“If we can provide a little more comfort for these diverse interns, then hopefully they have a good summer, do good work and eventually get hired at one of these agencies or publishers. And those are essentially the gatekeepers; they’re the entities that decide what gets accepted in publishing,” Giles said.
The internship program has already seen great success, with many participants ultimately accepting full-time positions in the industry.
“By helping more diverse students become diverse professionals in the industry, we’re hoping we can have more people that can recognize quality diverse work and help shift the numbers in what gets accepted and published over the next decade,” Giles said.
What about an author who wants to write cross-culturally? WNDB has introduced a retreat to prepare these authors to tell “stories that are not their own with care, respect and sensitivity.” Participants explore a myriad of topics including representation and misrepresentation and prejudices and privileges, with the goal of working through “not only the how, but the when, and most importantly, the why and even why not of writing cross-culturally.”
Giles said the question of how to write diversely is one he’s asked a lot.
“If you’re looking to write a world with more diverse characters, I think part of it is observation. It’s one of those things where if you don’t live in a place that’s very diverse, you’re probably going to have to go somewhere to get that experience. What I want to remind people of is that you don’t have to force it either. We’re not saying that everyone needs to insert ‘this’ amount of diversity into their books, that’s not what we’re talking about at all.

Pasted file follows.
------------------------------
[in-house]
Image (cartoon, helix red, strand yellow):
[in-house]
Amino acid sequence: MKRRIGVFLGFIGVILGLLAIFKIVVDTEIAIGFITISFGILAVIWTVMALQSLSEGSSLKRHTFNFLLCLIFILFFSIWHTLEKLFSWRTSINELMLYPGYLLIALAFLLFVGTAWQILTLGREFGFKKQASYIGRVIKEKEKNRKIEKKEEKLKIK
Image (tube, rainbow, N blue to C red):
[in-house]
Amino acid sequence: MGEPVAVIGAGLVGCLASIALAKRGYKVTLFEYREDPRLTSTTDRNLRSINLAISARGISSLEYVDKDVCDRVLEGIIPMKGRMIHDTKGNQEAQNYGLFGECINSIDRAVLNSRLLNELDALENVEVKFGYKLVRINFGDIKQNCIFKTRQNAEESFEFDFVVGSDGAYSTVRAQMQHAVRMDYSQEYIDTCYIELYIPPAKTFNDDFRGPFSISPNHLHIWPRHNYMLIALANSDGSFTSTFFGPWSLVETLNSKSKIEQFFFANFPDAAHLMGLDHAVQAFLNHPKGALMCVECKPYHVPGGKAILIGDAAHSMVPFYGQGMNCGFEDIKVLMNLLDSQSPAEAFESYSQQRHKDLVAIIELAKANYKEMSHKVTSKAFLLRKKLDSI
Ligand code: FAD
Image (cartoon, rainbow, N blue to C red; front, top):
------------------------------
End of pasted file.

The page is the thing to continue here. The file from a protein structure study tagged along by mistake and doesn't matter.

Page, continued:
“But if you choose to populate your book with more diverse characters, you do need to understand those cultures, those environments they come from. And if you don’t know those worlds, and you can’t get to know them, you can still write about your own world. No one’s saying that you can’t write about the experiences you’ve had, but if you choose to go into another person’s experiences, you need to really immerse yourself and be able to judge if you can do it respectfully or not,” he said.
“It’s been an incredible ride”
Those wishing to volunteer with WNDB can sign up on the website.
Looking back on the past four years, Giles is proud of the work WNDB has done to progress representation in children’s literature. However, he’s quick to note that they haven’t done it alone, specifically citing the advocacy of the late author Walter Dean Meyers – the namesake of the award – among other contributions.
“We’re not the only ones who are pushing for this sort of thing, and the changes we’re seeing are probably more of a group effort among several different factions working toward the same goal,” he said.
As for what lies ahead, Giles said he looks for WNDB to continue to evolve to best ensure that someday all children can see themselves in the pages of a book.
“We hope that we learn from the public what we’re doing right and what we’re doing wrong, and get better at it,” he said. “…It’s been an incredible ride.”
Want to learn more about We Need Diverse Books? Watch the video: